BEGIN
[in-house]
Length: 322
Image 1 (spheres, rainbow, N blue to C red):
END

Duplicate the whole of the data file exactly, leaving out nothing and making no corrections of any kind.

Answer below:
[in-house]
Length: 322
Image 1 (spheres, rainbow, N blue to C red):